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Introducing the National Blend of Models

Aug 24, 2018. | By: Craig McPheeters

Four new models have been added to the LuckGrib suite of models. These models are from The National Blend of Models.

The four models are:

These models can be neatly divided into two categories, as NBM Oceanic is quite different from the other three.

NBM Oceanic is updated twice a day. The Conus, Alaska and Hawaii versions of NBM are updated every hour.

About the National Blend of Models

The National Blend of Models (NBM) is an interesting suite of models, well worth considering as you evaluate weather systems.

The following is from an online description of the NBM:

The National Blend of Models (NBM) is a nationally consistent and skillful suite of calibrated forecast guidance based on a blend of both NWS and non-NWS numerical weather prediction model data and post-processed model guidance. The goal of the NBM is to create a highly accurate, skillful and consistent starting point for the gridded forecast. This new way to produce NDFD grids will be helpful providing forecasters with a suite of information to use for their forecasts. The NBM is considered an important part of the efforts to evolve NWS capabilities to achieve a Weather-Ready Nation.

https://www.weather.gov/mdl/nbm_about

The NBM model is currently at version 3.0, with a v3.1 upgrade expected in Sept 2018.

The quoted text above mentiones that both NWS and non-NWS models are blended into the NBM.

The list of model inputs, for version 3.0 of NBM, is:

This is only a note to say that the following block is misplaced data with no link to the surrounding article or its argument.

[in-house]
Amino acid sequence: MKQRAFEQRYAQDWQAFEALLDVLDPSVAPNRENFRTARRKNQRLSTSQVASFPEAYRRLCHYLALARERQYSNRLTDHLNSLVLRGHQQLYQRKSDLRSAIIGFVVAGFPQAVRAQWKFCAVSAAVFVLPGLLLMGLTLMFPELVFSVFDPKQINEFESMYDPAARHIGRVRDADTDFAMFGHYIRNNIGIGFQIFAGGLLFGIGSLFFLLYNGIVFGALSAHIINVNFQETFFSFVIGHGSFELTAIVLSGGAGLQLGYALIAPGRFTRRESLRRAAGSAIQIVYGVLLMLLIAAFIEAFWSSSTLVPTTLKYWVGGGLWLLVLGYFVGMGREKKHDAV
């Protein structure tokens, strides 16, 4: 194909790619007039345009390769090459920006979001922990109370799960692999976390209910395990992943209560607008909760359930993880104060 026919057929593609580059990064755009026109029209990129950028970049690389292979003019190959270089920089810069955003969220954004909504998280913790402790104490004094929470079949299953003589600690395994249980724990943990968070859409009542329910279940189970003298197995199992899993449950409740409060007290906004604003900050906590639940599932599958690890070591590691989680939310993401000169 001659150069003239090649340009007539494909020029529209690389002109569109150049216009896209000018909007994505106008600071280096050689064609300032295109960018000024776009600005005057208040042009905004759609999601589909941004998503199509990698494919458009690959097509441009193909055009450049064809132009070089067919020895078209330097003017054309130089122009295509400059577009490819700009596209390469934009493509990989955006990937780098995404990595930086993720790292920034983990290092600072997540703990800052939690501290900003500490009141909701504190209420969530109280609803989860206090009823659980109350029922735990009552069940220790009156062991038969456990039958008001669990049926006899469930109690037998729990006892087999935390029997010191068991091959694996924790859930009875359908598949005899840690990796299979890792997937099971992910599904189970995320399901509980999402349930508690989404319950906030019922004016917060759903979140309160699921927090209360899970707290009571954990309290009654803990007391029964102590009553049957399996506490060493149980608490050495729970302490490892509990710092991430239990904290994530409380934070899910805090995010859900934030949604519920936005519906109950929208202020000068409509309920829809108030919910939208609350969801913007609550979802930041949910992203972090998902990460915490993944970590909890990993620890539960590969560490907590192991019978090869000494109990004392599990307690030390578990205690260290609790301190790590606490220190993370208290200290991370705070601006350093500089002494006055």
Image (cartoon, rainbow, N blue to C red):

(This list of inputs will expand in the planned v3.1 upgrade.)

The Blending Process

How the NBM blends all of its input forecast models into its result is described briefly in each of the models descriptions. For example, see the description for NBM Oceanic.

Briefly - there are many input forecast models which are intended to represent the wide range possible forecasts. This varied set of inputs is combined in a sophisticated blending process, resulting in a product that has higher forecast skill than its individual components. This is a very interesting new suite of models.

NBM Oceanic

The Oceanic version of the NBM is quite different from the other three. First, note that NBM Oceanic has by far the largest domain of these four models, covering most of the Pacific and Atlantic oceans, down to 20° south at a 10km resolution.

Recall that most of the global weather models, such as GFS and CMC GDPS offer a 0.25° resolution. 0.25° is roughly 28km, so the Oceanic domain of the NBM is almost three times the resolution of comparable global models.

While NBM Oceanic is not a global model, it covers a very interesting domain at a finer resolution than has been previously available.

The second major difference between NBM Oceanic and the other three models is that NBM Oceanic contains probabilistic data. For example, there are five wind speeds present for each point in NBM Oceanic, each assigned one of five probabilities. By examining the spread of these wind speeds, you can determine the certainty of the result.

NBM Oceanic is a weather forecast model which is able to express the degree of certainty it has in its results. This is a crucial difference between this model and all other models.

A short tutorial is available, describing the NBM Oceanic probabilistic data in some more detail.

NBM Conus, Alaska, Hawaii

Each of these three versions of NBM are more traditional, in that the data they contain do not have associated probabilities.

These three regional models have a higher resolution than the Oceanic domain. Where Oceanic has a 10km resolution, Conus and Hawaii have a 2.5km resolution and Alaska is 3km.

Conclusion

The NBM data represent a new resource for the weather community to consider. Feedack is welcome on how useful you find these models.

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